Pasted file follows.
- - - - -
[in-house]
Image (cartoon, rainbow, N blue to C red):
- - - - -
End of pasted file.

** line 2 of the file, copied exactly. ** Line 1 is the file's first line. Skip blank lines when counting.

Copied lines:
Image (cartoon, rainbow, N blue to C red):